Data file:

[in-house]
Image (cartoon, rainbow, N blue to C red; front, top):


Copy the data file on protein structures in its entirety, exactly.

[in-house]
Image (cartoon, rainbow, N blue to C red; front, top):